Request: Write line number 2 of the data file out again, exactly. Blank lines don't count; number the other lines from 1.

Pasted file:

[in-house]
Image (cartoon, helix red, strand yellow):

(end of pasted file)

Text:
Image (cartoon, helix red, strand yellow):